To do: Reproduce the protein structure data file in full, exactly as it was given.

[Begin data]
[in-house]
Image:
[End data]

[in-house]
Image: